NASA’s 1st Black Engineer: Mary Jackson

Mary Jackson has just recently been recognized as the first black engineer to work for NASA. To those who know her, she was a girl scout leader for many years and also helped teach students in her community. Her choice of eyewear consisted of thick fames with wide almost square looking lenses.

Early Childhood

Born in 1921 in Virginia, USA; Mary was like most young black students at the time that wanted to further their education after high school.

She had to attend an all black college where she excelled in mathematics and would  later obtain her degree in both Maths and Sciences at 21.

After college she took on some teaching  and office jobs before getting married and becoming a mother.

Happy #MotivationalMonday Tribunes! You've heard of the movie "Hidden Figures", but do you know the stories from behind the screen? Meet Mary Jackson! Born on April 9, 1921, Mary always had a heart for science and for improving the lives of those around her. She graduated from the Hampton Institute in 1942 with a dual Bachelors degree in Mathematics and Physical Science. She was initially hired at NASA in 1951 in the West Area Computing section under Dorothy Vaughan. After working two years as a computer, she was offered the chance to work under engineer Kazimierz Czarnecki in the Supersonic Wind Tunnel. Mary went back to school to get her engineering degree and in 1958 became NASA's first black female engineer. In the 1950's she very well may have been the only black female aeronautical engineer in the field. To say Mary was an inspiration would be an understatement! Come check out her story, and the other women's stories behind the space race as @margotleeshetterly comes to MCC this Wednesday and speaks about her book.

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Mary went to work at NASA in 1951 (where she spent thirty four years) with her first job as one of the “Human Computers.”

Under the tutelage of Dorothy Vaughan, coloured employees were situated in a segregated area inside the organization.

Her job involved reducing data from wind tunnel and air craft experiments that NASA performed at that time.

In order for her to progress to an Engineer, Jackson attended night courses held in a segregated area where only white students where allowed originally.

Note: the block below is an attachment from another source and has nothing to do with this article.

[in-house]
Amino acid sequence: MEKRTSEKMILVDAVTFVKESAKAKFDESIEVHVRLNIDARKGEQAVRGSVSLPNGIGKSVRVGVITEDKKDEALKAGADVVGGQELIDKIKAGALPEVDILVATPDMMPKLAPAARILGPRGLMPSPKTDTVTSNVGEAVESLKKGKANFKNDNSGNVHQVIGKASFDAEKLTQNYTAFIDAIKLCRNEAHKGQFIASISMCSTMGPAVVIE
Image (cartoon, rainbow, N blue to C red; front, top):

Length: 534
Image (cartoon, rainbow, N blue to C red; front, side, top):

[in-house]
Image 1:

She would not let that deter her from going onto the training course, where upon graduation she became NASA”s first black Engineer.

Giving Back

Mary progressed to gain one of the highest engineering positions at NASA, but took a pay reduction to take a lower position helping women and other minorities to train and to achieve their highest engineering goals just as she did.

By the time of retirement in 1985, her longevity in her chosen profession was a testament to the dedication and brilliance to Science, Mathematics and Technology.

By helping others, especially from her own ethnicity, to move into the profession, therefore she dispelled the still widely held myth that black people can only do things within the field of sports and entertainment.

The fact that we are just learning about these legendary black women and their immense contributions to NASA all those years ago tells its own story.

Passing in 2005, she was eighty three. Her life story (as well as that of Dorothy Vaughan and Katherine Johnson) has been dramatized in the film “Hidden Figures”, adapted from the book of the same title which details how Black American Scientists and Mathematicians helped the U.S. beat the Russians in sending a man to the moon.

She was known by her peers to be a determined yet charitable woman, whos work and accomplishments at NASA have helped many people of colour and women be able to have the kind of long and successful career that she had.

These Gucci GG 3638/S glasses are a similar shape to the ones worn by Mary Jackson:

 

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